Subject: Judaism

Did God Have a Wife?

The focus of this paper is to attempt an answer to the question of whether the mythical Israelite god, Yahweh, had a wife. Before assaying into the evidence for such a claim, which this study endorses, it is necessary to delve into the origin of the ancient people of Israel.  There are myriad theories about the origin set forth by many excellent scholars.  The most convincing has been framed by the Jewish scholar and archaeologist, Israel Finkelstein.   Finkelstein relies on archaeological evidence combined with study of Old Testament sources.  Archaeology, if undertaken properly, does not lie.  Sometimes the interpretation of it is biased and/or incorrect. Therefore painstaking scholarship is necessary to extrapolate hard fact from reliable evidence and interpret it accurately. Finkelstein has been one of the researchers able to sift through the falsehoods and mythology of the ancient literary sources of the Old Testament and to compare them to

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Fundamental Judaism versus Judaic Hellenism

This lecture is gratefully indebted to Jennifer Michael Hecht’s Doubt, and to such scholars as Martin Hengel, and Elias J. Bickerman. Hanukkah, Hellenism, and Judaism Before this lecture turns to the victorious Maccabean Revolt against the Greek Seleucid Empire in Palestine, I would like to glance at the history and background of Hellenistic Greece.  It is necessary to know something about the spirit of those times in order to understand why secular and conservative Jews clashed with violent quarrels about their religion and traditions from 167-160 BCE. The Hellenistic Era is usually designated as the period from the death of Alexander the Great in 323 BCE to the death of the Ptolemy Empress, Cleopatra, and the subsequent incorporation of Egypt into the Roman Empire, in 30 BCE.  In a broader sense, Hellenism was the spread of Greek cultural traditions that had begun with Alexander the Great’s conquests. The Greek cultural tradition

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Christian Anti-Semitism, Part 1

During the lecture, I will be using the term, Christian, to denote the early Church.  The word, Christian, was first used around 40 CE or a little later.  The other word for the Christian sect was Nazarene.  I shall also be using anti-Judaism and anti-Semitism interchangeably, although the term, anti-Semitism, was first used in the 19th century. The first use of the term, Catholic, was around 110 CE. But the Church did not call itself Catholic until around the end of the 3rd century CE and into the 4th century. The word, Catholic, meant “universal.” This lecture, the first of a two-part discussion of Christian anti-Semitism, will discuss the early years of Christianity vis-à-vis its relationship to Judaism. It is important to keep in mind that Christianity began as a Jewish sect rather than an independent religion.  The four Gospels of the New Testament will be examined, as well as the motives for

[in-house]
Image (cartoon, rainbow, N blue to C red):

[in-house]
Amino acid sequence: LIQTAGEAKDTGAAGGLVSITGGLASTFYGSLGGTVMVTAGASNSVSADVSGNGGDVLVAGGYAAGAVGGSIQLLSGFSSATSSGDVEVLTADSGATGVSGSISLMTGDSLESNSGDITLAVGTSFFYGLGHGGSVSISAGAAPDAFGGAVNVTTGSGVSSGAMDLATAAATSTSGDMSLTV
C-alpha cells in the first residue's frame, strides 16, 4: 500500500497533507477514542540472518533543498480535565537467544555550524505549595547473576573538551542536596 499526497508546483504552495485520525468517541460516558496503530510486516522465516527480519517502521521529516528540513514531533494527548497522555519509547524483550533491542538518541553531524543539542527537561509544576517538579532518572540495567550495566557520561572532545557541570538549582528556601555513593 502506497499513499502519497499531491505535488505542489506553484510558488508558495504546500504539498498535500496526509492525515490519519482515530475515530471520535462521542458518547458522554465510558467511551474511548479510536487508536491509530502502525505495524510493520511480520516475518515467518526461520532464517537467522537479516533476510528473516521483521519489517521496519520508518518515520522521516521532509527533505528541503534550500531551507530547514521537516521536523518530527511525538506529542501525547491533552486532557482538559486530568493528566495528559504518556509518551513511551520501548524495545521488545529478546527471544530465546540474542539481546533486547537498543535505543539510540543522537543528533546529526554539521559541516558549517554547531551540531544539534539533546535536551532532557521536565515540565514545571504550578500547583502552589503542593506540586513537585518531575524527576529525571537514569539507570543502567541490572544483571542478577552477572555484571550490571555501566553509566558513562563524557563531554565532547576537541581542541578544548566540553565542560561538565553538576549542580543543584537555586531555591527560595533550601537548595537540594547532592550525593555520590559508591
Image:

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Christian Anti-Semitism, Part 2

The following lecture is gratefully dependent on David I. Kertzer’s The Popes Against the Jews (2001) and follows the format of his excellent volume. In this lecture I will be taking up the role of the Catholic Church, its Popes and their relation to the negative image of Jews, from the period of 1814 to 1943.  Church statements and denials of its anti-Semitism during that time period, including the conclusions from an important 1998 Church investigation, have been egregiously vague. The investigation’s report contained a key passage which did cite a rise in anti-Semitism in the 19th Century. However, the responsibility for prejudice against Jews was alleged to have been from sociological and political forces rather than religious ones.  Such a statement was disingenuous, as was quickly discovered.  In the same year as the investigation’s report, 1998, the Vatican Archives were opened, and in a few years, more documents from them became available

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